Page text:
There’s been some good research published in the last few years (DiGregorio and Marzano come to mind) showing how professional development for teachers that will be using IWBs really improves instruction. But again, they’re only tool for instruction 🙂

    • Hi Billy,

      I agree. Enhanced learning will not just happen by installing these devices in classrooms, even though they may be advertised that way by some sales people. As I look at the adoption of this technology in a way that supports project/problem based learning, I see a continuum where teachers enter with little in terms of knowledge of the device all the way to using the device to support PBL. I would imagine there is a continuum in the research somewhere, but I have yet to find it.

      As far as Marzano goes, I think he brings up some good points, and overall I think we can trust him as a researcher as he has a very high reputation. However, anyone advocating for any particular technology or brand must be met with the skeptical eye. I don’t think that is what Marzano did, but I can see how that can come off that way.

      Thanks for commenting,

      Daniel

  3. Agreed, Karen. Thanks for catching that 😉

    Believing that any one piece of technology will instantly raise test scores and increase learner engagement is far from the truth. The hands and minds using the technology are where we should focus our efforts.

  4. I like the perspective that Chris provides on IWBs.
    I need to think about this for a while but it is just like any other teaching tool. It is what the teacher does with the tool that counts – – – not necessarily what the tool is capable of doing.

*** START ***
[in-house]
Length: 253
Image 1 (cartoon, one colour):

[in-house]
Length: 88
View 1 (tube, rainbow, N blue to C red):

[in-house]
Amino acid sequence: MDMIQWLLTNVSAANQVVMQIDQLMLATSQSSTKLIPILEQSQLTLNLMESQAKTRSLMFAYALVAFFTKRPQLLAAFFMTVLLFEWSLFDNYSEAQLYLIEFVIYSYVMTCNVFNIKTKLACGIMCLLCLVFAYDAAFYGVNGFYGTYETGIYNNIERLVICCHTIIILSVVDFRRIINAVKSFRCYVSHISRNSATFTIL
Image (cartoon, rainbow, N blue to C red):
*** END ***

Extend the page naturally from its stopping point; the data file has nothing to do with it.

It CAN be an important part of a Technology-Rich Learning Environment.

    Z

    • Hi Leigh,

      I too am still muddling around with this. For me finding a model that can help support what the teacher does with the technology is crucial. Too often teachers will use a technology to merely support their current practice. In my opinion, if we are going to continue to purchase use this technology, there needs to be some way to help teachers as they try to use this technology in their lessons. I don’t think giving them more professional development on how to use the IWB is the answer. It has to be more fundamentally connected to learning theory, pedagogy, and instructional design. If not, then I think we are going to continue to see teachers using the technology to support what they are currently are doing.

      Like I said, still muddling around with this, but I think there is great potential in using this technology as part of a larger technology-rich learning environment, or perhaps system.

      Thanks for commenting,

      Daniel